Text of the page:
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Opening Sentences: Weightless by Sarah Bannan

Opening Sentences.

In her book 'Structuring Your Novel', K.M Weiland looks at the opening sentences of five her favourite books that she had read in the past twelve months. She goes on to talk about five principles of opening sentences:

1. Questions – establish tensions to be resolved.

2. Character – engage the reader with the protagonist.

3. Setting – give the reader a sense of place.

4. Declaration – a sweeping, provocative statement.

5. Tone – establishes the style and mood of the writing.

I decided to do the same

Over the next five days, I'll look at one of my favourite books that I have read in the past twelve months. So let's get on.

'Weightless' by Sarah Bannan

 

I absolutely loved this novel of high-school peer pressure, and teenage cyber-bullying. Sarah Bannan totally hooked me with this page-turning debut. And these are the opening sentences.

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They came out in groups of three, wearing matching shorts and t-shirts, their hair tied back with orange and black ribbons. Their eyes were wide and they yelled and clapped and turned precisely, rehearsed.

Third Person Collective

Use of the third person collective ('they' and 'their') creates the immediate impression of powerful and anonymous forces that will come to work on the protagonist, Carolyn. It also creates a sense of the psychological setting of the teenage psyche.

Cumulative Syntax

Both sentences are cumulative (main clause first with subordinates following). The first sentence is clearest example, and in it we see the main clause ('They came out in groups of three') focusing our attention clearly on the anonymous 'them', the following clauses add details about the appearance of the girls, adding details in the way that an observer would notice them. The precise and tightness of the girls' appearance suggests a uniform and creates tension.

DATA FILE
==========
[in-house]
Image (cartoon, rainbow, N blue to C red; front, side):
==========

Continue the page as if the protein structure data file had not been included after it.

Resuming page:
Co-ordinate Clauses

The second sentence has a striking three co-ordinating conjunctions ('and') the stacked observations skillfully turn the attractive exuberance of the girls into something threatening. The end of the sentence has a clipped asyndetic adjective, 'rehearsed'. Bannan exploits end-focus here to build the tension by undercutting the spontaneous descriptions of the girls with the implication that their actions are anything but.

This is a striking opening, partly because the protagonist is left out, but the collective antagonist creates menace, and the tight precision of the description mirrors the hierarchical tension of teenage social groups







 

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